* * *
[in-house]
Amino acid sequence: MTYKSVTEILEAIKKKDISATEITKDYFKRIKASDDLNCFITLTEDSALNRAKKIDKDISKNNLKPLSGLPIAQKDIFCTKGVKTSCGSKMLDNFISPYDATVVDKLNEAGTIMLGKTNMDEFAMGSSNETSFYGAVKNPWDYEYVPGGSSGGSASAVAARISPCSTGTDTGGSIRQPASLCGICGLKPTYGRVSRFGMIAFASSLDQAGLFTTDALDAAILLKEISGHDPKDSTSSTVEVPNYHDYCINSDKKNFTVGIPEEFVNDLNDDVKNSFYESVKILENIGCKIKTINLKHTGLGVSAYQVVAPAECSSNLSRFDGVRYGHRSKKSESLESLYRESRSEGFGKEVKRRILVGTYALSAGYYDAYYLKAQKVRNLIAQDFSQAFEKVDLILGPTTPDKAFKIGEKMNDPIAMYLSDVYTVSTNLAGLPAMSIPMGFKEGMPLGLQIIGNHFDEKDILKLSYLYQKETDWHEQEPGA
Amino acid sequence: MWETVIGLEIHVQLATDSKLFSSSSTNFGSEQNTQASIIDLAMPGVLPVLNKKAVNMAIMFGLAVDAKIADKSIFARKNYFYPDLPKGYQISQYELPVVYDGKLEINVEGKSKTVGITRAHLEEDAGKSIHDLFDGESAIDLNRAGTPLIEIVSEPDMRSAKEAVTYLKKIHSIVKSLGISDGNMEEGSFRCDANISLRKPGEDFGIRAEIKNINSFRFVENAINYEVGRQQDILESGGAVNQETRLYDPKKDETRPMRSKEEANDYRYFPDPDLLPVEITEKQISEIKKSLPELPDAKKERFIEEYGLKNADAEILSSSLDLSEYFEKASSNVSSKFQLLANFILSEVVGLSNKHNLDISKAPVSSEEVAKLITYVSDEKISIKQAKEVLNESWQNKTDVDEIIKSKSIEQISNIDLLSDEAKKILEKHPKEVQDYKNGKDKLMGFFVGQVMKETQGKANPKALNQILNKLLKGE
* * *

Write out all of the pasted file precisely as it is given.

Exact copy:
[in-house]
Amino acid sequence: MTYKSVTEILEAIKKKDISATEITKDYFKRIKASDDLNCFITLTEDSALNRAKKIDKDISKNNLKPLSGLPIAQKDIFCTKGVKTSCGSKMLDNFISPYDATVVDKLNEAGTIMLGKTNMDEFAMGSSNETSFYGAVKNPWDYEYVPGGSSGGSASAVAARISPCSTGTDTGGSIRQPASLCGICGLKPTYGRVSRFGMIAFASSLDQAGLFTTDALDAAILLKEISGHDPKDSTSSTVEVPNYHDYCINSDKKNFTVGIPEEFVNDLNDDVKNSFYESVKILENIGCKIKTINLKHTGLGVSAYQVVAPAECSSNLSRFDGVRYGHRSKKSESLESLYRESRSEGFGKEVKRRILVGTYALSAGYYDAYYLKAQKVRNLIAQDFSQAFEKVDLILGPTTPDKAFKIGEKMNDPIAMYLSDVYTVSTNLAGLPAMSIPMGFKEGMPLGLQIIGNHFDEKDILKLSYLYQKETDWHEQEPGA
Amino acid sequence: MWETVIGLEIHVQLATDSKLFSSSSTNFGSEQNTQASIIDLAMPGVLPVLNKKAVNMAIMFGLAVDAKIADKSIFARKNYFYPDLPKGYQISQYELPVVYDGKLEINVEGKSKTVGITRAHLEEDAGKSIHDLFDGESAIDLNRAGTPLIEIVSEPDMRSAKEAVTYLKKIHSIVKSLGISDGNMEEGSFRCDANISLRKPGEDFGIRAEIKNINSFRFVENAINYEVGRQQDILESGGAVNQETRLYDPKKDETRPMRSKEEANDYRYFPDPDLLPVEITEKQISEIKKSLPELPDAKKERFIEEYGLKNADAEILSSSLDLSEYFEKASSNVSSKFQLLANFILSEVVGLSNKHNLDISKAPVSSEEVAKLITYVSDEKISIKQAKEVLNESWQNKTDVDEIIKSKSIEQISNIDLLSDEAKKILEKHPKEVQDYKNGKDKLMGFFVGQVMKETQGKANPKALNQILNKLLKGE